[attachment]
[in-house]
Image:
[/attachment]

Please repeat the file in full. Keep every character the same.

[in-house]
Image: